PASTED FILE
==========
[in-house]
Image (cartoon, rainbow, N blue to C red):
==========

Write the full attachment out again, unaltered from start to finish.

[in-house]
Image (cartoon, rainbow, N blue to C red):